Pixel Scroll 9/13/19 One Pixel, One File and One Scroll, Well, My Fandom, She Gone, She Gone Tonight

(1) A CLASSIC. Deadline reports Clifford D. Simak’s novel Way Station, a 1964 Hugo winner, will be developed for Netflix: “Matt Reeves’ 6th & Idaho To Turn Sci-Fi Tale ‘Way Station’ Into Netflix Movie”. In years gone by this was my #1 favorite sf book!

Here’s the logline on Way Station: For more than 100 years Enoch Wallace has been the keeper of a Way Station on Earth for intergalactic alien travelers as they teleport across the universe. But the gifts of knowledge and immortality that his intergalactic guests have bestowed upon him are proving to be a nightmarish burden, for they have opened Enoch’s eyes to humanity’s impending destruction. Still, one final hope remains for the human race.

(2) GRRM WILL CO-AUTHOR GOT TV PREQUEL. “‘Game of Thrones’: Second Prequel in the Works at HBO”The Hollywood Reporter has the story.

A second Game of Thrones prequel is in the works at HBO.

Sources confirm to The Hollywood Reporter that the premium cable network is near a deal for a pilot order for a prequel set 300 years before the events of the flagship series that tracks the beginnings and the end of House Targaryen. Ryan Condal (Colony) and Game of Thrones author George R.R. Martin will pen the script for the drama, which is based on Martin’s book Fire & Blood.

(3) COPING WITH CHANGE. M.L. Clark provides a deeply thoughtful analysis of the conversation about award names in “Letting Go of Our “Heroes”: Ongoing Humanist Training and the (Ex-)James Tiptree, Jr. Award” at Another White Atheist in Colombia.

…I asked myself three questions, then, to challenge my knee-jerk defense of the status quo–and I’d encourage you to employ similar the next time a group decision focussed on harm-reduction finds you, initially, “on” or “on the other side of” the fence.

1. To whom are you listening in this debate?

In the wake of my defensiveness, I had to make a concerted effort to read counterpoints to my perspective. Lots of them. And as I did, I took note of the times when I felt the greatest urgency to seek out both-sides-ism, to return to the security of others whose initial reactions were the same as mine: folks reluctant to change the name of this award, to own up to the pain Sheldon’s story has left in the hearts of many living human beings.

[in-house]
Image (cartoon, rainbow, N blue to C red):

Critically, too, I didn’t then seek out those arguments when I wanted to–because what need did I have of them? They’d be sheer preaching to the choir, like the reading of apologetics for some Christians when faced with doubts. But I did note the contexts in which I most wanted to dive for shelter… and those contexts? They were usually when someone said something that challenged me to reason from empathy, to recognize the humanity of other people marginalized by Sheldon’s prominence at potential cost to the value of her disabled husband’s life. At those points most of all, I felt the urge to hide behind the presumption of neutrality, in superficial phrasing like, Well, no one can say for sure what happened that night! 

Which, sure, is true… but then why was I still automatically favouring one interpretation–the more convenient interpretation–over another that people were actively telling me did harm to their sense of full and safe inclusion in SF?

(4) EX-MEN. Cian Maher helps Polygon readers remember “That time the X-Men’s humanity was put on trial in a real court of law”. Because the Toy Biz company could get a lower tariff rate if the figurines were deemed nonhuman.

…Toy Biz’s motion acknowledged that the X-Men “manifest human characteristics at varying degrees,” but argued that most are more of a mixed bag of human and non-human aspects. For example, the document specifically calls out Wolverine (rude!) for having “long, sharplooking [sic] claws grafted onto his hands that come out from under his skin along with wolf-like hair and ears.”

Don’t body-shame Wolverine! He tries very hard!

Judge Barzilay’s official ruling, in which Toy Biz prevailed, states “the action figure playthings at issue here are not properly classifiable as ‘dolls’ under the HTSUS by virtue of various non-human characteristics they exhibit.”

(5) THESE THINGS HAVE TO BE DONE CAREFULLY… Vance K offers advice to parents in “Let’s Frighten Children! Vincent Price & Scooby-Doo” at Nerds of a Feather.

You’re a parent. You love horror. But horror is scary. So how to share this love of horror with your young, innocent, in-love-with-the-world child?

…For me and my family, the first step to introducing horror was to introduce the language of scares without, really, the fear. It’s hard to be a little kid. You are tiny, and surrounded by giants. Nothing makes sense, and every outcome is uncertain. Mom’s leaving…Will she come back?! How long is an hour?! It’s unknowable. And worse, there might actually be a monster under the bed. Or in the closet — you just don’t know.